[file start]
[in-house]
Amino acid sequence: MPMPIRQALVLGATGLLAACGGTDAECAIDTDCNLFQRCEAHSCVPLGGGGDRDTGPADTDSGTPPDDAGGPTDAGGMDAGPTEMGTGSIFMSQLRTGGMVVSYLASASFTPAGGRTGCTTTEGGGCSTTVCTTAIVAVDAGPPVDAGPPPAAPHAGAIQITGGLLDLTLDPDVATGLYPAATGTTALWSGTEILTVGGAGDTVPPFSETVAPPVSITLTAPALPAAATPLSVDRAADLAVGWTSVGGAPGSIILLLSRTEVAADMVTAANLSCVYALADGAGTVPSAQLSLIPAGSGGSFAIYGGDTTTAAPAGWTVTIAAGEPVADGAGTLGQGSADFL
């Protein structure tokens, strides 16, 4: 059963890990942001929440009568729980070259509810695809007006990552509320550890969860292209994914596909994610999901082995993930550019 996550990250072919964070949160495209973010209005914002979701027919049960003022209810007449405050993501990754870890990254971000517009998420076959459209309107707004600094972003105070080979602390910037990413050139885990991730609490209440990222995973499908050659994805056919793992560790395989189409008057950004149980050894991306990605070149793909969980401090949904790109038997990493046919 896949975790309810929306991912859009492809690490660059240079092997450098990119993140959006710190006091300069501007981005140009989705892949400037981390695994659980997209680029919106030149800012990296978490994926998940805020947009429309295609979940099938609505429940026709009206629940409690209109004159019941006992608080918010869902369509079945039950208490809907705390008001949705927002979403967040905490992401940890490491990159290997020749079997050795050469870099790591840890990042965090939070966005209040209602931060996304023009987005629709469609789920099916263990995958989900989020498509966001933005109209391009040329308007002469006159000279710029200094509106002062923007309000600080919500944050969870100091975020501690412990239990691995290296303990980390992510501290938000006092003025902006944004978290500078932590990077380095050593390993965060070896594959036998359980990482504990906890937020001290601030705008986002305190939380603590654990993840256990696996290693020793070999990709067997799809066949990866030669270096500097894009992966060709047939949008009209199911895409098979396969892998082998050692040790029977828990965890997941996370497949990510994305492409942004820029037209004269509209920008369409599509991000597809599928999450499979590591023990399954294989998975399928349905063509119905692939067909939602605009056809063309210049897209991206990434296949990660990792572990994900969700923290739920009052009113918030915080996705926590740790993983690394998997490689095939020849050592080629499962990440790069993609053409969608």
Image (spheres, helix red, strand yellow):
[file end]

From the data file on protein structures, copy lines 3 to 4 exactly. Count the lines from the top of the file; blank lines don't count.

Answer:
């Protein structure tokens, strides 16, 4: 059963890990942001929440009568729980070259509810695809007006990552509320550890969860292209994914596909994610999901082995993930550019 996550990250072919964070949160495209973010209005914002979701027919049960003022209810007449405050993501990754870890990254971000517009998420076959459209309107707004600094972003105070080979602390910037990413050139885990991730609490209440990222995973499908050659994805056919793992560790395989189409008057950004149980050894991306990605070149793909969980401090949904790109038997990493046919 896949975790309810929306991912859009492809690490660059240079092997450098990119993140959006710190006091300069501007981005140009989705892949400037981390695994659980997209680029919106030149800012990296978490994926998940805020947009429309295609979940099938609505429940026709009206629940409690209109004159019941006992608080918010869902369509079945039950208490809907705390008001949705927002979403967040905490992401940890490491990159290997020749079997050795050469870099790591840890990042965090939070966005209040209602931060996304023009987005629709469609789920099916263990995958989900989020498509966001933005109209391009040329308007002469006159000279710029200094509106002062923007309000600080919500944050969870100091975020501690412990239990691995290296303990980390992510501290938000006092003025902006944004978290500078932590990077380095050593390993965060070896594959036998359980990482504990906890937020001290601030705008986002305190939380603590654990993840256990696996290693020793070999990709067997799809066949990866030669270096500097894009992966060709047939949008009209199911895409098979396969892998082998050692040790029977828990965890997941996370497949990510994305492409942004820029037209004269509209920008369409599509991000597809599928999450499979590591023990399954294989998975399928349905063509119905692939067909939602605009056809063309210049897209991206990434296949990660990792572990994900969700923290739920009052009113918030915080996705926590740790993983690394998997490689095939020849050592080629499962990440790069993609053409969608």
Image (spheres, helix red, strand yellow):